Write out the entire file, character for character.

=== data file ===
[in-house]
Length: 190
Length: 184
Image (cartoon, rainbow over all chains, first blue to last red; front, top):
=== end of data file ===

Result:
[in-house]
Length: 190
Length: 184
Image (cartoon, rainbow over all chains, first blue to last red; front, top):